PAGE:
Over the course of my adult life, I have been surrounded by people who have wanted to lose weight. Invariably these people start strong with a restrictive regimen–either with a variety pack of Slim-Fast or meal replacement bars; the tiny, expensive meals from a weight loss center; the latest fad diet touted in tabloid magazines or tabloid TV segments; super-small portions of their usual food; or traditional “rabbit food” choices, like a mess of carrots, celery and cottage cheese. Then follows a period of a little weight loss, a lot of complaining of hunger and diligent suffering through, and then rebellion and abandonment of the program.
I’m not just throwing stones–I’ve also started the day with the aluminum can filled with the chalky, vitamin-fortified “milkshake.” And I’ve loaded up on books on “it” diets and from weight loss gurus, lost some weight, and then gone back to my old habits. Count me in on weight loss centers, too: I joined one of the programs, but quit within a week. (My biggest disclosure: I’ve been on Weight Watchers for nearly two years. I personally wouldn’t lump it in with the other strategies, because the program is more about lifestyle changes, with lots of encouragement and support, than just losing weight.)
It’s so easy to be seduced by the lure of these fad products and programs and buy into the notion that weight loss is a product of a short-term round of super-hard work, and then you’re good to go. Nowadays, I want to scream when I see people optimistically starting out on one of these plans. Even if you can believe the commercials showing people who’ve lost 20 lbs. or more with one of these strategies–that the weight loss is real, or even that the story is real–you never get a “where are they now” follow-up, to see whether they have maintained the weight loss or not. Though I want them to win at weight loss, I would not be surprised to hear there is no happy ending to their story.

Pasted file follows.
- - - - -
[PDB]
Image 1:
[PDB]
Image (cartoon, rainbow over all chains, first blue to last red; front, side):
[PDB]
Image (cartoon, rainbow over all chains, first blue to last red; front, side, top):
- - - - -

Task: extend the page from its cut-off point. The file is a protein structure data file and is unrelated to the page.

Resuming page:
It’s true that weight loss is hard work. As people on the Weight Watchers message boards say, it took a long time to put on the sum of weight that you want to lose, so you can’t expect it to come off overnight. But, in my opinion, the hard work should be in making tough decisions while eating real food. It requires a test of perspective, rather than a test of wills.
Little cans, little microwave food boxes, and little pyramids of raw veggies on a salad plate offer what appears to be a nice, neat packaged solution for weight loss, if you can only make yourself stick to it. But true, sustainable weight loss is messy. It deals with feelings that you don’t really want to touch, feelings that spur you to make bad choices or overeat. It deals with telling your grandmother that, as much as you love her baked macaroni and cheese, you can’t eat another spoonful (or eat any at all on the day she’s serving it). It involves sometimes being the only person in your family making a conscious effort to eat whole grains or put vegetables on your plate. It involves lengthy decision-making at a restaurant, concession stand, or even when choosing between two or three similar items on a grocery store shelf. There are no neat solutions with successful weight loss, only an extended period of trial and error to discover what works best for you.
I hate that people are conditioned to opt for ineffective strategies disguised as easy solutions. I hate that people give up so easily, or don’t even try to lose weight, when in reality, they have embraced the wrong strategy and would likely be surprised at the low amount of drama and high potential for weight loss they can achieve with a realistic plan. I want people to know that the tasks of emotional introspection and cultivation of new, healthy habits seem daunting, but are so rewarding–in psychological gains as well as inches lost.